The Rev. Gabri Ferrer said he’d be vicar of St. Martin in-the-Fields, Winnetka for just two years, at the invitation of the late Bishop Jon Bruno. As usual, the Holy Spirit had something else in mind.
When shifting demographics forced the church’s beloved school to close in the wake of its 60th birthday celebration, Gabri was an attentive pastor. As one of our area deans, he provided thoughtful counsel during COVID. Now into his tenth year as vicar of all Winnetka, Gabri continues to lead with graciousness and good cheer while waiting to see what the Spirit reveals about what’s ahead for St. Martin’s and its friendly people. These days, for instance, he’s displaying original artworks around his lovingly curated church.
At 8 a.m. and 10 a.m., he and his team offer impeccably organized liturgy and his always uplifting preaching. I was along last Sunday to preach and celebrate at the second service. Gabri saw to every detail, planning right down to the minute, although he was unable to account for the preacher exceeding his time, as usual.
St. Martin’s is heaven on earth for music lovers. Music director Christian D Stendel, starting out at the organ, got us underway with the stirring sinfonia to a J.S. Bach cantata that is burned into my heart’s hard drive as the first cut from Wendy Carlos’s “Switched-On Bach.” It also exists as a violin partita.
Nothing could go wrong after that. Bishop’s warden Linda Jacobson led the procession, lifting high the cross. Gabri and Christian’s musical vision is broad enough to include, as the offertory anthem, Leonard Cohen’s “Hallelujah,” offered by singer-songwriter Claire Holley, who sang every enigmatic verse, which one rarely hears in church. Then Christian headed to the piano to join Wayne Behlendorf, retired Campbell Hall music department chair, for works by J.S. Bach and Handel arranged for four hands.
I had expected to have both hands full with our Lord’s parable of the talents from Matthew’s gospel. But as it turned out, it wasn’t a problem. On Saturday night, our son-in-law PJ Bovee’s father, Leonard, died after a brief illness. Len was one of the world’s greatest grandfathers. Kathy Hannigan O’Connor and I spent the day with the family in south Orange County as they did love’s hardest work, making decisions that were best for Len. In the parable, the harsh, selfish master doesn’t stand for our God, who is neither harsh nor selfish, but for our capricious world of precious joys and sudden woe, such as that just experienced by Len’s family.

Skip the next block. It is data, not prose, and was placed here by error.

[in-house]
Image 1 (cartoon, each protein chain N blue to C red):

Reading the parable, let’s never again think Jesus is telling us God consigns people to outer darkness. God does not — not Len, not you or me, not anyone. But there’s so much loss in our world, every day. So much grief, and so much to annoy and anger us. And as a result, so many temptations to smother and hoard the love God entrusted to us, digging a hole in our hearts and burying it deep like the frightened, worried servant’s talent, keeping it for better times, plunging ourselves into outer darkness in the process. God didn’t fashion us as mediators of God’s love for better times but for these times, whatever and however they may be.
After church, actor and people’s warden Nicola Lubitsch presided over delectable homemade snacks and the annual St. Martin’s carbonated soda contest as donations were taken for Hillsides, this mission’s historic partner. Church administrator Paige Deary gave me the Cook’s tour, including improvements funded by the Episcopal Diocese of Los Angeles’s One Body & One Spirit Annual Appeal. Eight of us sat in the sanctuary for a half-hour’s meditation.
Then Gabri and his spouse, singer Debby Boone, invited me to their home for lunch. Their longtime friend Dusty Ebsen, film editor, keyboardist, and son of actor Buddy Ebsen, was also along. Son of Jose Ferrer and Rosemary Clooney, Fr. Gabri worked as a Hollywood manager before being called as a lay associate rector at All Saints’ Beverly Hills and, in 2007, a priest. He showed me fascinating entertainment ephemera and his own stunning artwork, including a cover painting for his mother Rosemary’s 1993 album “Do You Miss New York?”
Debby, another of our most successful recording artists (“You Light Up My Life”), said over lunch that she’s reading Barbra Streisand’s memoirs, so you can imagine those synergies. I told Dusty how much my old boss Richard Nixon loved his dad in “Barnaby Jones” (though Dusty of course knew all about their friendship already). Everything else from our lunch is under the stole and behind the curtain. You’ll just have to come to St. Martin’s and hear what show business tidbits Fr. Gabri shares each week in his lively, Jesus-drenched sermons.